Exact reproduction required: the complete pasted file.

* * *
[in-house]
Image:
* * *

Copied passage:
[in-house]
Image: